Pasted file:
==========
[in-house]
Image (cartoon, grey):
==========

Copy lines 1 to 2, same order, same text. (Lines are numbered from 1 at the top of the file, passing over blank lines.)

[in-house]
Image (cartoon, grey):